the dismissal of the underlying action, a court "retains
the authority to decide collateral issues such as the
appropriateness of sanctions." ED Capital, LLC v.
Bloomfield Inv. Res. Corp., 316 F.R.D. 77, 80-81
Rule of Civil Procedure 11 provides that "[b]y
presenting to the court a pleading, written motion, or other
paper" an "attorney . . . certifies that to the
best of the person's knowledge, information, and belief,
formed after an inquiry reasonable under the circumstances,
" the "legal contentions are warranted by existing
law" and the "factual contentions have evidentiary
support." Fed.R.Civ.P. 11(b) & (b)(2)-(3). Rule
11(c) authorizes a court, "on its own, " to order
"an attorney, law firm, or party to show cause why
conduct specifically described in the order has not violated
Rule 11(b)." Fed.R.Civ.P. 11(c)(3). In determining
whether to impose sanctions sua sponte, the Court does not
ask whether an attorney acted in an objectively reasonable
manner, i.e., as "any competent attorney would have
done." See Muhammad v. Walmart Stores East,
L.P., 732 F.3d 104, 108-09 (2d Cir. 2013). Instead, the
Court may issue sanctions sua sponte under Rule 11 "only
upon a finding of subjective bad faith." Id. at
108. One district court has described subjective bad faith as
"deliberate dishonesty" or a "willful intent
to deceive, " Centauri Shipping Ltd. v. Western Bulk
Carriers KS, 528 F.Supp.2d 197, 201 (S.D.N.Y. 2007),
while another has defined it as "deliberate fraud or
wrongdoing, " Cardona v. Mohabir, No.
14-CV-1596 PKC, 2014 WL 1804793, at *3 (S.D.N.Y. May 6, 2014)
(quoting Sees. & Exch, Comm 'n v. Smith, 798
F.Supp.2d 412, 424 (N.D.N.Y. 2011), aff din part,
dismissed in part, 710 F.3d 87 (2d Cir. 2013)).
the evidence does not support a conclusion that Errant Gene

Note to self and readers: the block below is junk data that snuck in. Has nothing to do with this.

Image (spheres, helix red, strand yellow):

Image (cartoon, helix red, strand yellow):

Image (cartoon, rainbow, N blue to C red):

acted with subjective bad faith in falsely stating that
Errant Gene and Sloan Kettering Institute ("SKI")
were diverse parties. According to Errant Gene's counsel,
Errant Gene's records indicated that Charles Columbus was
a Delaware resident. Dkt. No. 131 at 3. It is thus likely
that Errant Gene's counsel was honestly mistaken about
the residency of Charles Columbus, not "deliberate[ly]
dishonest" about it. Centauri Shipping Ltd.,
528 F.Supp. at 201. And although Errant Gene's counsel
have not explained how Sussmane came to have an
"understanding" about Salman's membership or
why Sussmane never confirmed his "understanding"
with Salman, the Court finds no basis to conclude that
counsel deliberately misrepresented or concealed the contours
of Salman's membership in the limited liability company.
Indeed, soon after learning that diversity was lacking,
Errant Gene filed a motion to dismiss the action.
See Dkt. No. 139 at ¶¶ 14-15.
Errant Gene's seeming failure to conduct an initial
investigation into diversity jurisdiction constitutes
subjective bad faith is a harder question. On the one hand,
Errant Gene's counsel have not provided any description
of the initial investigation into diversity jurisdiction that
they took before filing the complaint in this action, and
they have not alleged that they were unaware such an
investigation was necessary. To the contrary, Sussmane knew
that it was his "responsibility to determine whether
diversity jurisdiction existed in this action." Dkt. No.
139 at ¶ 8. Yet Sussmane suggests that he only attempted
to make that determination in 2011, four years before the
instant action was filed, and then again in advance of a
conference, a year after the case was filed. Inquiring into
the company's citizenship four years before the action
was commenced and then one year after the action was
commenced does not satisfy the duty to ascertain the
citizenship of parties at the time the action was commenced.
other hand, counsel have not admitted that they filed the
complaint knowing that they had failed to satisfy their duty.
Cf. Cardona, 2014 WL 1804793, at *4 (explaining that
the attorney there had intentionally removed the case to what
he knew was the wrong district). While "any competent
attorney" would have known that simply relying on his
years-old understanding of his client's citizenship was
insufficient to determine ...